“As we don’t tend to observe or think about transitional spaces, we don’t fully understand how they affect our conscious state”
The liminal space, the in-between or threshold of experience and place, occupies both physical and psychological dimensions. Two new exhibits exploring the liminal terrain of uncertainty, indeterminate identity and transition are on display this month.
New Works by Michael Sinkins effectively promises to be a document of an artist working through the indeterminate space of creative block. While it’s been 20 years since Michael Sinkins’ last exhibition of paintings at the McIntosh Gallery, after a few career diversions the Fanshawe College-trained London artist has found new inspiration. A flurry of recent work, from Rothko and Klee-influenced colour field and abstract expressionist paintings to digitally-enhanced media — as well as custom-painted party hats! — inscribes the artist’s navigation from disillusion to productive insight after a long sabbatical from the public art world.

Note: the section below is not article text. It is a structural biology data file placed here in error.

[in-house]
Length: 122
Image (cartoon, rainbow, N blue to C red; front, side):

Post art school, Sinkins encountered some interesting diversions in his métier, including working as a surrogate artist. “A friend from high school was in Manhattan, a trumpet player in John William’s orchestra. While awaiting his green card, he’d enrolled in an arts college and hired me to do most of his assignments. It was challenging, as I was mostly doing abstract work at the time and these were mostly realistic paintings, it was overwhelming . . . but I (he) wound up top of the class with high honours.”
Afterwards, Sinkins found himself in a bit of a dark tunnel until two disparate technologies sparked a creative reawakening: his experience with a Dreamachine re-established an emotional and creative flow, and the advent of social media connected the artist with like-minded creators and collaborators. Continue Reading